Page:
2. CONSUMERS WANT CONSISTENCY IN CHANGES TO RETIREMENT INCOME ISSUE POLICIES, AND LONG LEAD IN TIME TO ANY PROPOSED CHANGES.

The first Parliamentary party to accept this will harness good will and ballot box support.

  1. KIWI-SAVER SUPPORTS NZ SUPER, AND IS A SOUND SAVINGS MODEL.

Now 13 years in existence, its timely for a review. Issues like whether the default schemes should be based on an age-related asset basis immediately come to mind, but there is a sprinkling of issues which require attention. Government providing a a suitable post Kiwi Saver income product purchase option, also requires work.

  1. PASSIVE AND INDEX FUNDS, GENERALLY PRODUCE SIMILAR RETURNS TO ACTIVE FUNDS.

When lower fees for passive funds are factored in, schemes following this approach should be a favoured option. Predicting in advance the performance of active managers is impossible, and with their fee structure normally higher and effecting returns over time, the client beware principal applies.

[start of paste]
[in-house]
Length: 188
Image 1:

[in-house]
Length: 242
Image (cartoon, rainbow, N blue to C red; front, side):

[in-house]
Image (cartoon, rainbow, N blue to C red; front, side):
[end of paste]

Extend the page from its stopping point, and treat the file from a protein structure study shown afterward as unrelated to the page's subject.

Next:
1. BUYING AN ANNUITY OR SIMILAR INCOME PRODUCT UPON RETIREMENT OR FOLLOWING RECEIPT OF POST KIWI-SAVER LUMP SUMS AND DRAWING AN INCOME FROM IT, MAKES SENSE.

Lifetime Retirement Income is the principal provider in NZ, with a sound business model, but competition is required. Government could offer something here, e.g. top up purchase options to supplement New Zealand Superannuation

  1. A RETIREMENT INCOME SYMPOSIUM IS REQUIRED. The last one was the Task Force on Private Provision for Retirement (the first “Todd Task Force”), August 1992. A retirement income task force similar to the Tax Working Group 2018, would assist all political parties to make sound public policy choices regarding retirement issues NATIONAL HOUSING SYMPOSIUM IS REQUIRED. Property assets continue to have an advantage over other investment alternatives. Post Covid 19 provides the opportunity to revisit the work of the Cullen Tax working party, but also a housing symposium with succinct terms of reference could assist a new way forward.